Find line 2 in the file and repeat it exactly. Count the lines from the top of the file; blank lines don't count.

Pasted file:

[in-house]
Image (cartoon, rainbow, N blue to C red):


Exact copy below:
Image (cartoon, rainbow, N blue to C red):